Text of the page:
Campbell-Bannerman, Sir Henry

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Campbell-Bannerman, Sir Henry (1836–1908). Prime minister. A genial and popular politician, Campbell-Bannerman none the less acquired a reputation, which still clings to him, as uninspired and unlikely to reach the top in politics. In fact he proved to be much more shrewd and determined than his apparently more talented rivals in both parties. He managed to hold the Liberal Party together during a difficult, post-Gladstonian period, and led it to its greatest electoral victory in 1906.

A typical Lowland Scot, ‘C-B’ was educated in Glasgow and at Cambridge, became a partner in the family firm, and married Charlotte Bruce in 1860; the marriage proved to be a long and happy one. As MP for the Stirling Burghs from 1868 C-B showed himself a radical Gladstonian, supporting Scottish disestablishment and Irish Home Rule. Indeed, throughout his career he derived strength from his capacity to foster the confidence of radical Liberals for his loyal advocacy of progressive causes including women's suffrage, Labour representation, and Scottish devolution; on hearing of the dissolution of the Russian Duma by the tsar he uttered one of his two memorable remarks: ‘La duma est morte; vive la duma.’

However, as a young member C-B spoke infrequently and made little impact as a junior minister in Gladstone's 1868 and 1880 governments. In 1884–5 he served briefly as chief secretary for Ireland and reached the cabinet as secretary of state for war prior to the Home Rule crisis in 1886. He retained this post in Gladstone's last administration in 1892 and under Rosebery in 1894–5, though by that time he harboured ambitions to become Speaker. Instead he was destined to fill the vacuum left by Gladstone's retirement. Rosebery quit in 1896, and Sir William Harcourt resigned as leader in 1898. When both John Morley and H. H. Asquith declined the poisoned chalice, C-B became leader almost by default.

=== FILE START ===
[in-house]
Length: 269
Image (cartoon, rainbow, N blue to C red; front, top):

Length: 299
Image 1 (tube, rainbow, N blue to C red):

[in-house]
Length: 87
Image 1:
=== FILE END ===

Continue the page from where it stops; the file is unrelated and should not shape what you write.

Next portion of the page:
He was promptly faced with the task of guiding the divided Liberal Party through a period dominated by the Boer war when his leadership was challenged by Rosebery and undermined by the liberal Imperialists who supported the government's South African policy. The use of concentration camps by Kitchener to quell the Boers provoked C-B's other memorable words: ‘When is a war not a war? When it is carried on by methods of barbarism in South Africa.’ His prospects were rapidly transformed during 1902–4 as the Balfour government wrestled with the consequences of the war and split over tariff reform. As prime minister 1905–8 he successfully bridged the gap between New Liberal policies and Gladstonian traditions. Adopting the role of a firm chairman, he gave free rein to his exceptionally able ministers; Ernest Bevin once described Clement Attlee as Labour's Campbell-Bannerman. Though some legislation was lost in the House of Lords, important reforms were enacted in connection with trade unions and school meals; old-age pensions were devised by Asquith and the British army reorganized by Haldane. By the time of his retirement through ill-health in 1908, C-B had pointed the Liberals towards their next great goal—the reduction of the powers of the Lords.

Martin Pugh

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Sir Henry Campbell-Bannerman

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